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This year in baseball's spring training, a couple of young Met fans greeted every appearance at the plate by the Astros' Alex Bregman by banging fiercely on a plastic trash bin in the stands. While it reassured me to know that a new generation would carry the historical grace of New York fans proudly into the future, it also reminded me that when the Astros' sign-stealing scandal first broke, I had imagined fans at every Houston road game banging on metal bins brought from home and banging them like the Thunder Drums from China. Of course security at Port St Lucie is pretty loose and the Mets would hardly let them carry garbage cans into Citi Field, would they? And are Mets' fans really the most accurate measure of the depth of anger about baseball's latest hi-tech (at least about from banging on the garbage cans) cheating scandal?
It seems we (particularly the sports media) hold baseball to a higher standard than other sports. Back in the Nineties, papers started baseball attendance in terms of capacity filled; this was not done with other sports. The steroid scandals ripped baseball apart; in football, despite the attendant CTE/concussion problems, few people were claiming the game itself was tainted. Most sports can easily survive scandal. Even in England, where the phrase 'it's not cricket' describes something unfair, implying cricket is above cheating, when the sport itself suffers scandal as serious as match-fixing with gamblers, the game stays sacrosanct. And of course cricket's most prevalent cheating is one with direct links to baseball: 'ball tampering' where players trying to 'lift' the one seam of a cricket ball, recall generations of pitchers who sharpen their belt buckles or nails, palm sandpaper or emery boards, and hide Vaseline, KY Jelly or just plain spit.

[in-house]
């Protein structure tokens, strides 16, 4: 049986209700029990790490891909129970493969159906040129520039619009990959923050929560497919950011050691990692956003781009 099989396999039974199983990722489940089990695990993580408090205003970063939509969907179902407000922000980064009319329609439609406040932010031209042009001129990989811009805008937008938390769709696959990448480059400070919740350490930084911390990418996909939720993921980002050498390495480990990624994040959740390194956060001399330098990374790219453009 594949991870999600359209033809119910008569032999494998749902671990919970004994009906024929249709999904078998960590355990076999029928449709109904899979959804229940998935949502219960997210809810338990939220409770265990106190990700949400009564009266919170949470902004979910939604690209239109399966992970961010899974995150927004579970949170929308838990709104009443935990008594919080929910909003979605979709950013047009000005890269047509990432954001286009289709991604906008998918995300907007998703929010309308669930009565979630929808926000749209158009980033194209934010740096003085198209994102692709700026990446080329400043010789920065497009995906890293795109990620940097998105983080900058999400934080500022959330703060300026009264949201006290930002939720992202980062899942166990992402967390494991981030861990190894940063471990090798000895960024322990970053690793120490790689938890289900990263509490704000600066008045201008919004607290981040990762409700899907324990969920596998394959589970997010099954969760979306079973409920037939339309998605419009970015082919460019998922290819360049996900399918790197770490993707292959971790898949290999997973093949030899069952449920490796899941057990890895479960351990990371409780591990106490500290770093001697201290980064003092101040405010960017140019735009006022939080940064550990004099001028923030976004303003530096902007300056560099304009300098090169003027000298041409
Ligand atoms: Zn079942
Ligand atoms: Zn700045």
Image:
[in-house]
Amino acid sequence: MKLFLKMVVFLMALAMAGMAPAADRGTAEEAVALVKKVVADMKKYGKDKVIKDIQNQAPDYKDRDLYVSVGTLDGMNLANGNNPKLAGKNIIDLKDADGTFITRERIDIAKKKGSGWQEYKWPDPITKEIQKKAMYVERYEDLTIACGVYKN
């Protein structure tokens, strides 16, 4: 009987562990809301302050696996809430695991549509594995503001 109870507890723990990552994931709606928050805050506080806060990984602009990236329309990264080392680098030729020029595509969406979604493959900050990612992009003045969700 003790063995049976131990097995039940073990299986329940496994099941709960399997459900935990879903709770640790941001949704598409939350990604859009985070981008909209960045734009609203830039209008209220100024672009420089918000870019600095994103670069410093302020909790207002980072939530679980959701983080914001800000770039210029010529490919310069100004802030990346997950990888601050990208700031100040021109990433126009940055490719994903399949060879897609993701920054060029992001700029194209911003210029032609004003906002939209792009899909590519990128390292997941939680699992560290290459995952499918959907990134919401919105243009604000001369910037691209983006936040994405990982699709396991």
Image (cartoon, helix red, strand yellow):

Because cheating has always been endemic in baseball, and we celebrate or are amused by baseball cheaters. The spitball was banned after Carl Mays killed Ray Chapman with a tobacco juice coated ball that got away from him, but after ball tampering was banned it turned into a fine, if nominally illegal art. Gaylord Perry loading the ball, Phil Niekro with his emery boards, Whitey Ford with the sharpened belt buckle all made the Hall of Fame. Opposing them, batters hollowed out their bats; Graig Nettles filled his with super balls, Albert Belle with old-fashioned cork. Indians' pitcher Jason Grimsley then crawled through the ceiling space of the umpires' room and switched the confiscated corker with a normal bat. Everyone thought this was a gas.
'If you ain't cheating, you ain't trying' appears to have originated not with baseball, but with NASCAR driver Richard Petty, as adapted by James Coburn as a rodeo rider in the 1972 film Honkers. Really, it should have been said by Leo 'The Lip' Durocher, most famous for explaining that 'nice guys finish last'. Leo didn't like rules. “'How to play the game' is for college boys,” he explained. When you're playing for money, winning is the only thing that matters. Show me a good loser in sports and I'll show you an idiot...I don't call that cheating, I call it heads up baseball”.